"Nato must play its role fully. It wanted to take the lead in operations," Mr Juppe said, saying efforts so far were "not enough".
Libyan rebels opposing Col Gaddafi have been pushed back despite the air raids.
The US and other Western allies began air strikes on 19 March after UN Security Council Resolution 1973 authorised "all necessary measures" to protect civilians from Col Gaddafi's forces.
After initial sorties were flown under US command, Nato has since taken over responsibility for the campaign from Washington.
Despite this, heavy weapons are still being used to bombard the rebel-held western Libyan city of Misrata, reports say.
Libyan government forces began a renewed attack on Misrata on Monday, hours after news emerged of an African Union ceasefire plan.
There are grave concerns for the humanitarian situation in Misrata and for the safety of civilians still inside the city.
"It [Nato] must play its role today which means preventing Gaddafi from using heavy weapons to shell [civilian] populations," Alain Juppe said on Tuesday.
Ceasefire plea Mr Juppe's remarks came after the African Union (AU) proposed a ceasefire plan that was rejected by rebel leaders in Benghazi.
The plan included a call for an immediate end to hostilities, unhindered humanitarian aid, protection of foreign nationals, dialogue between opposing sides and an end to Nato air strikes.
The AU said Col Gaddafi has accepted the plan, but the rebels said it was unfeasible as it did not include a provision for the Libyan leader to step down.
On Tuesday the AU urged the rebels to reconsider, blaming the Transitional National Council (TNC) - in effect the rebels' parallel government in Benghazi - for imposing preconditions.
The AU "makes an urgent call on the TNC to fully co-operate, for the sake of Libya's higher interests, and assist in the quest for and implementation of a fair and lasting political solution", AFP news agency reported.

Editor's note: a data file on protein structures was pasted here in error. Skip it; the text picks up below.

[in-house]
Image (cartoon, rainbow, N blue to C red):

In clashes reported on Tuesday, rebels near the town of Ajdabiya said three of their fighters were killed overnight amid battles with pro-Gaddafi forces, Reuters news agency reported.
'Failed state' warning
Mr Koussa, the highest-profile figure to defect from Col Gaddafi's Libya, told the BBC in a prepared statement that the unity of Libya was essential to any settlement.
"I ask everybody to avoid taking Libya into civil war," Mr Koussa said. "This would lead to so much blood and Libya would be a new Somalia."
"More than that, we refuse to divide Libya. The unity of Libya is essential to any solution and settlement for Libya."
In his statement on Monday he said he had been "devoted" to his work for 30 years under Col Gaddafi, and was confident that it was serving the Libyan people.
However, he said, after recent events "things changed and I couldn't continue".
"I know that what I did to resign will cause me problems, but I'm ready to make that sacrifice for the sake of my country," he said.
He added that the solution in Libya would come from the Libyans themselves, through discussion and democratic dialogue.
Libya's Minister for Social Affairs, Ibrahim Zarouk al-Sharif, said he could not comment on Mr Koussa's statement while the former foreign minister was "captured" in a hostile country.